In my last post I predicted that Cameron would succeed in avoiding a head-to-head with Miliband, and that the strongest likelihood was for there to be just two debates. The final version of the broadcaster deal confirms that expectation: indeed, only one of the debates will include Cameron, and although it will be broadcast by ITV on 2 April after all - and not in March as he had insisted - this is a very minor concession on his part.

A second debate will have just five participants but without Cameron or Clegg. The briefings from various interested parties as to how this curious format was devised are not compatible with each other. The notion that Cameron 'forced' Clegg not to participate (on the grounds that he could not be allowed to 'represent' the coalition government) does not ring true: Clegg could surely have ignored such a protest. That two non-debate televised events have been added to the package perhaps provides a clue: Clegg will now be one of three leaders interviewed separately before the same BBC Question Time audience (and then subject to questioning by the audience), a week before polling day, so restoring the appearance of a 3-way (and thoroughly annoying Farage, as the 4-way has not been restored).

This allows the second actual debate to be billed as 'the opposition parties', so avoiding the embarrassment of invoking an 'empty chair' for the Prime Minister. This was something the BBC had been urged to do as a way of “standing up” to Cameron’s refusals, but which carried heavy risk if the Tories then went on to win the election. Why Miliband’s advisors would have allowed him to appear in such a format (the “night of the nobodies”, as the Tories have dubbed it) is a mystery: perhaps his rhetoric about “anytime, anywhere” trapped him. This event seems unlikely to win much audience for the BBC on 16 April.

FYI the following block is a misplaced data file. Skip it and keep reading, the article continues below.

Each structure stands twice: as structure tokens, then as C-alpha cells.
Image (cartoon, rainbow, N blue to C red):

The whole sequence will kick off this Thursday with a 2-way version of the 3-way format which had been scheduled for 30 April: Miliband and Cameron will be separately interviewed (who goes first has yet to be revealed). Channel 4 and Sky News will both broadcast this live. So Cameron has succeeded in pulling this encounter forward to before the five weeks of the campaign, and in avoiding a direct debate, whilst agreeing to two TV events over and above the one he originally agreed to do. If this were a tennis match, it would be scored as a comfortable straight sets win for Cameron.